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Q & A: Chris Duncan

Excerpts from a recent XLR8R interview with Bay area artist and maker of the Hot & Cold 'zine, Chris Duncan.

Click here to read the full Kelpe feature, or download a pdf of XLR8R 116.


XLR8R: Are you still doing Hot and Cold?

Chris Duncan: We are indeed still doing Hot and Cold. For those who don’t know about the project, Hot and Cold started with its first issue being number 10. We have been counting down from 10 since 2002, and are now at number two. Once we hit zero we are done. In the ‘zine, we invite up to 20 artists to contribute images, stickers, prints, CDs, etc. We make them in editions of 150 and build them by hand. The next issue, which is technically our ninth, will be released May 9th at a group show of all the artists involved, at the Luggage Store Gallery in San Francisco.

What was the most difficult thing you ever undertook with Hot and Cold?

In 2005, we were part of an exhibition at Yerba Buena Center for the Arts called The Zine UnBound—Kults, Werewolves and Sarcastic Hippies. We released an issue at the same time, we built and assembled a catalogue for the whole show (which included k48, Trinie Dalton, and essays by Berin Golonu, the curator, and Andrew Scott from Needles andPpens) and made art for the show. After that it took us over a year to put out another issue. We were burnt out.

Where is the most awesome place to be in Oakland?

For eating, it’s Messob Ethiopian food. For a walk, Piedmont Cemetery. Or anywhere with my daughter, as she sees so many things I don’t see. And the Oakland Waterfront, particularly 5th Avenue. My studio is there and so are kayak rentals, a bunch of boathouses, and a lot of folks living off the grid. The fireman training center is there too. That’s pretty cool.

Oftentimes your work shows evidence of the process: stitches, strings hanging, perhaps even ghost lines. Why is it important for you to show this evidence?

At its foundation, the work is all about process. My concepts are process-oriented, so it has always made sense to me to reveal some of it. Not to mention it adds dimension and depth.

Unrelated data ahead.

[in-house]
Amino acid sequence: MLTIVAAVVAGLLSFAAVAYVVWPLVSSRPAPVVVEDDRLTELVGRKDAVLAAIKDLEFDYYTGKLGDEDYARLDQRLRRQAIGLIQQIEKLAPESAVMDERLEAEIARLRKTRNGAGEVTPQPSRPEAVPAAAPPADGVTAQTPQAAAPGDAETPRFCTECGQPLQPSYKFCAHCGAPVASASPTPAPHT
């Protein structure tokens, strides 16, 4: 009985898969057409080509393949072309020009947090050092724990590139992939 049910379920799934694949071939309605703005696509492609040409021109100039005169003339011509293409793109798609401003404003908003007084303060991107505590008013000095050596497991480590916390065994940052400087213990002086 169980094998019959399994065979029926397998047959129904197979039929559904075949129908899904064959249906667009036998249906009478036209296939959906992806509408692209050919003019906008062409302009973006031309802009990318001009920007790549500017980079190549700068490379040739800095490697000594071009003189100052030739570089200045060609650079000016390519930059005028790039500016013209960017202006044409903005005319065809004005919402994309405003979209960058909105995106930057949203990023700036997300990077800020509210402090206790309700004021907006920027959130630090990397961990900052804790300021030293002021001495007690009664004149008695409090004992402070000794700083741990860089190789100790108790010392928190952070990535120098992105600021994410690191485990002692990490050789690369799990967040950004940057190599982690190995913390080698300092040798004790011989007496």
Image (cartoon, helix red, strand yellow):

What is your favorite tattoo that you have?

I have a series of dots on the palms of my hands signifying my daughter’s birthday.

When does thinking about color come into your work?

Once I have a composition and concept down, color is my top priority.

What is the best show you ever went to?

The Pompidou Centre in Paris has several amazing Victor Brauner pieces. On my first trip to D.C., I saw Nation of Ulysses and Fugazi at Wilson Center. The Alexander Calder show at the SF MoMA, and every time I have ever seen a Rothko piece. Ever.

What turns you off in the art world?

Excessive borrowing in contemporary art.

What is a quality you despise in other people?

Most things that I despise in other folks are things that I see in myself.

What sorts of music are you listening to while you work?

Lately it’s been Antony and the Johnsons, Uncle Tupelo, The Smiths, The Hated, Desmond Decker, Cat Power, Gillian Welch, Animal Collective, Eric B and Rakim, Woody Guthrie, and always Bruce Springsteen. Oh, and my daughter and I have been listening to Elizabeth Mitchell, You Are My Little Bird. That’s pretty beautiful.

Did you ever imagine you would be an artist growing up?

No. I never thought about much of anything in regards to that. I have fallen into everything I have ever done.

Where were the best places to be when you were growing up in New Jersey?

I have really fond memories of my great grandma’s apartment. There was also a roadside food stand that was only open during the summer. They had great french fries. I went there with my mom and my grandpa a lot. It feels good to think about that place. The most awesome place, for many years, was Point Pleasant Beach boardwalk. A lot of growing up happened there.

How did you come to put together your Akashic anthology My First Time?

I was in my senior year at art college and one of my last classes was about, of all things, punk rock and art. The class was lackluster, but it inspired the book. It made me think about how I bonded with new people over the years, and music experience was a huge topic. So… first show, First Time. I collected all of five stories and thought I would get about five more and then make a ‘zine out of them. The project went on a four-year hiatus until my friend Zach Blue at AK Press asked if I wanted to publish a book of the stories with AK. So I dusted the project off and here we are.

What was your best experience working on the book?

Reading the stories for the first time. They are really funny and quirky. It’s nice when folks can let their egos go and write about how silly they were, and at the same time share how moved they were by a moment.

What is the last book you read?

I just reread Touching the Distance by Deborah Curtis, the wife of Joy Division singer Ian Curtis. A movie called Control recently came out which was loosely inspired by the book, but the book is heavy, and far better than the movie.

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